— by Dr. Jeff Whitworth and Dr. Holly Davis
Adults of both green June beetles and Japanese beetles seem to be ramping up their activity throughout eastern Kansas. These two relatively large, conspicuous beetles are being confused. Green June beetles, at 1 inch long, are considerably larger than Japanese beetles. Also, green June beetles are green to copperish green in color and more pointed toward the anterior (head) end. Japanese beetles are probably only 1/3 to ½ as big as the green June beetle. They also have small, but highly visible, little white tufts of hair on both sides of the abdomen sticking out from under the elytra.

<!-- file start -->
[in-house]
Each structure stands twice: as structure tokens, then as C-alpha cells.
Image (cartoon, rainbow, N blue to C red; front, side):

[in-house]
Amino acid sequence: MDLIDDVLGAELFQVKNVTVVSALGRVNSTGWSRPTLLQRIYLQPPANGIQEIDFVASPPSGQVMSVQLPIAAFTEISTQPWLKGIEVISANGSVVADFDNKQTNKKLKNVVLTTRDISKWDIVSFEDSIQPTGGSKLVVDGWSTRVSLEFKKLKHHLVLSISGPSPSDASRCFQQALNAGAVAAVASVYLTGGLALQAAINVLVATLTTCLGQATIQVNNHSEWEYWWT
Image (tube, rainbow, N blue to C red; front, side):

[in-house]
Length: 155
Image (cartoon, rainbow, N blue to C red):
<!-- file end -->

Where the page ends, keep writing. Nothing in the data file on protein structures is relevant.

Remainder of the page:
Japanese beetles may be found feeding on silks in corn fields and/or pollen or leaves in soybeans while green June beetles are more confined to feeding on nectar from flowering bushes or trees close to where the larval stage, i.e. grubs, were developing in the soil. Green June beetles are not an agricultural concern while Japanese beetles occasionally can be.